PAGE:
Hospitality and developing genuine relationships are at the heart of our ministry approach, but it wasn’t always that way for me. With my conservative evangelical background and living in the South, I used to take trips with a student group to knock on doors and hand out gospel tracts. We’d show up for five days in a place, then go back to our own town and never see those people again. It was transactional: here’s my message, will you accept it, yes or no? Despite the fact that this was very different from the way my own faith grew, the idea of building relationship first before inviting a person to consider Jesus was completely against the grain for me.
In the beginning, I would tell myself, “OK, I’m a missionary. I’m gonna go on the mission field and I’m gonna do stuff for Jesus.” But I’ve had a complete change in my thinking, a mentality shift from “I need to go and do something,” to “I just need to create space in my life for others.”
These days I teach the same lesson to others who come from the church to join our hospitality ministry. “Don’t talk about Jesus,” I tell them. “Don’t come to my house and talk about Jesus until you know my friends. Once you know them, and care about who they are, then you can say something about that need.” It’s a radically different perspective on sharing the gospel. We pray. We form relationships. And Jesus shows up.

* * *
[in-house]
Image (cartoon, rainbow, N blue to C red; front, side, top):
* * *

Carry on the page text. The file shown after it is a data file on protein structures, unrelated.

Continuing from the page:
If you have a similar background to mine, these things I’m going to suggest to you about friendship evangelism may go against the grain for you too. But I hope you’ll consider it an invitation—an invitation away from transactions or quick fixes, and into being a 24–7 Jesus person, who both loves people well and is ready to genuinely share Jesus with them.
1. Don’t add to your calendar; take Jesus with you.
As I talk about “being a Jesus person 24–7” the response I often get is something like, “Great, Keith. You do this for a living. It’s what you think about all the time. It’s what you do. I’ve got my kid who plays football, my other kid who’s doing the band thing. I have this meeting, that meeting, work, and I’m trying to stick with exercise. How in the world am I supposed to have time to go and do stuff for Jesus?” My gentle rebuke is, “You’re asking the wrong question. The right question is how are you taking Jesus with you everywhere you go? You’re already there. What does it look like to reframe your thinking about what you’re already doing?”
Making space for others and for Jesus isn’t about adding things to your calendar. I don’t want to force people to do anything. I do invite them to consider what it looks like for Jesus to transform their lives—how they’re living and interacting—everywhere they go. You don’t need to be a missionary to be a missionary. Making space is a mental thing. It’s about how you go about your day, and what you’re open to in the middle of it. It’s not a calendar thing most of the time.
2. Have genuine and caring conversations with a prophetic flavor.